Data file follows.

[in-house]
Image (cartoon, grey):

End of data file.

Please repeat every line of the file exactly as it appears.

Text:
[in-house]
Image (cartoon, grey):